Jackson is playing Upward Basketball this season. Not only is his team doing very well and he’s enjoying himself, but he’s done a great job handling the wide range of emotions involved with playing team sports. So far, so good.
(He’s the kiddo in the dark red shoes in the foreground.)
Competition is hard for any kid, but for Jackson, whose emotions swing fast on a long pendulum, the high of winning and the low of losing keeps his temperament bubbling at the surface.
One of the best ways it’s been explained to me is this: We all operate at different emotional levels from one to ten. When we’re calm and chill, we’re around a two or three. Some of us need lots of stress (good or bad) to push us to a five, seven, nine, etc. Some of us don’t need very much at all to lose our temper. Some of us who are more high-strung may operate all the time around a five or six, always waiting for something to happen and living in the tension of thinking doom is right around the corner. Some of us are so cool and collected that we hardly ever reach a ten.
For Jackson, he functions at a nine almost all the time. Good or bad, happy or sad, his emotions are always RIGHT THERE.
That is Jackson with the ball – No. 11 – shooting.
He scored, by the way. He’s scored a couple of times so far this season and it’s given Chuck and I the greatest joy to see him succeed in that way.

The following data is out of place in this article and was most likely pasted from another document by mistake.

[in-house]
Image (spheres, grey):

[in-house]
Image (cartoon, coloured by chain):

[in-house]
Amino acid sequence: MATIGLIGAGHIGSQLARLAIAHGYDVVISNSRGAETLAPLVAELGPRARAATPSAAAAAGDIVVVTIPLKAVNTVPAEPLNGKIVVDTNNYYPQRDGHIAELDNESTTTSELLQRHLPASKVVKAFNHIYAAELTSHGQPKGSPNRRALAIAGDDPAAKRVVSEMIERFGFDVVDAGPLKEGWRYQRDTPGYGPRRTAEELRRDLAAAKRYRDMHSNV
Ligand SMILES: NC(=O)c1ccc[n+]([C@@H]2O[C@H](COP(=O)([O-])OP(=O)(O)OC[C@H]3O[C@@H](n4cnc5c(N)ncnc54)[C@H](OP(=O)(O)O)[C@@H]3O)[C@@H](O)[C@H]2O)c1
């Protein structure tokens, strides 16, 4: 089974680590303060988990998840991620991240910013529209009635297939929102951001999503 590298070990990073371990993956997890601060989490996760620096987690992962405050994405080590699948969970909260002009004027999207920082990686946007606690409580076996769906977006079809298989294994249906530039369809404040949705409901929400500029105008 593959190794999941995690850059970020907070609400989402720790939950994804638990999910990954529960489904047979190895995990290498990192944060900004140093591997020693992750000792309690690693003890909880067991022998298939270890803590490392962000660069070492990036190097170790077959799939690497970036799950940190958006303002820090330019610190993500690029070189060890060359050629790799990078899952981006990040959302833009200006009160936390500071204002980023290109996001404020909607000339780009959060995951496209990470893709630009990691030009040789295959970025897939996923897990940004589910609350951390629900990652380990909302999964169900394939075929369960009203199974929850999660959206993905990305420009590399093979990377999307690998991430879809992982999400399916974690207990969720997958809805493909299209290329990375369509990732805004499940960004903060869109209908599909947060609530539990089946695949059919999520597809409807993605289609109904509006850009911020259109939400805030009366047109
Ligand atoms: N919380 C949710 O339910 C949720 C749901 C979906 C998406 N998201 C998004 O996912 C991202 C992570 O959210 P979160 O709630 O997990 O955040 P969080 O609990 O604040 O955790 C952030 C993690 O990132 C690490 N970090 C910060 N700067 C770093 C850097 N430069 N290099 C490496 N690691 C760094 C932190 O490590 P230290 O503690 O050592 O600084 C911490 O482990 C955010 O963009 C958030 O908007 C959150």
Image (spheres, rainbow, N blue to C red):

But more so, we’ve been so pleased to see how he’s interacted with his teammates, how he’s handled a loss (lots of tears, but he managed!), and how eager he’s been to try harder.
Upward has been good for him because the program is designed to encourage the best parts of team sports – camaraderie, good sportsmanship, effort, and everyone gets the same amount of play time regardless of skill.
They won this particular game, as you can tell by his face. So far this season they are 3-1.
Sometimes I think back to how Jackson was at one and a half years old, the first time I considered that something might be different about him. Then at two, when he screamed and thrashed and couldn’t communicate with us. By three he’d established self-soothing habits and was enrolled in early intervention to help him learn how to talk.
By four we could finally understand him and by five he was learning how to read. Even then, with so much progress, I wasn’t sure where we’d end up – and frankly I still don’t know. How can we ever really know where our children will land after we’ve done all we can for them?
Jackson is smart, so loving, and eager to make a happy moment with others. Upward has been great for him, so I see him playing more sports with them in the future.